Classicist Fantasy, or the Scientifiction Tradition

Classicist Fantasy concerns itself with rationality, where made-up worlds work along logical and reasonable lines. It is the fantasy of people like George R. R. Martin, Dan Simmons, Phillip Pullman, Robert Jordan, Guy Gavriel Kay and Steven Erikson - writers who concern themselves with creating worlds which make sense on a rational level and where everything is ultimately explainable and explained (even if of course they contain such nonexistent things as magic and monsters). It isn't about making fantasy scientifically accurate - that would be a nonsense - it is rather to do with internal consistency. People behave as they do in 'the real world' and interact with things around them - boats, swords, dragons, wizards - in a holistic way, the same way in which we in our world interact with boats, guns, cars and aeroplanes. The human beings in A Song of Ice and Fire behave like human beings in our world, technology is roughly contemporaneous to that of England at the time of the Wars of the Roses, and we can easily imagine a person transported from York circa 1485 to Westeros feeling completely at home there. The fantasy is based on a rational view of the universe, in which everything makes sense to the people within it.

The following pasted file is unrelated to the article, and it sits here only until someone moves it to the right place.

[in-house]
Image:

I call it 'Scientifiction' because it comes from the same impulse which drives the Science Fiction of people like Isaac Asimov. Asimov created imaginative other realities, but they were firmly grounded in reason: robots do this, because this. There was no mystery to proceedings, despite the fact that it is entirely imaginary. And I suspect this sort of fantasy appeals to people in the same way that Star Trek does - there is wonder and escapism there, but you can catalogue it and analyse it in terms of internal consistency and logic. It is fantastical, but comprehensible.

Romantic Fantasy

The Romantic Tradition, on the other hand, doesn't try to present us with a holistic, rational world; as with Pirsig's friend in Zen..., the point is not to understand, but to revel in the unknown and unknowable. Once you begin to comprehend, you destroy the fragile magic and weirdness, and shatter the mystery. You make it mundane. It is the fantasy of writers like Lord Dunsany, M. John Harrison, John Crowley, Michael Moorcock, and Mervyn Peake; writers for whom strangeness and other-worldliness is as much the point as are the plot and characters, and in which there seemingly is no internal logic or rational world. In Viriconium, the city and characters change from story to story and yet stay the same; in Little, Big the fairies are one thing and then they're another; in Time and the Gods the universe is governed by capricious beings whose true motives can only be guessed at. You're not supposed to bother approaching such books expecting them to make sense; you're supposed to revel in the fact that they don't - except perhaps on some intuitive, emotional level. They are about incomprehensibility and that is why they are fun.